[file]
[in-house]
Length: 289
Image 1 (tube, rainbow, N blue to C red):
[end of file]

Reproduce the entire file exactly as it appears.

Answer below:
[in-house]
Length: 289
Image 1 (tube, rainbow, N blue to C red):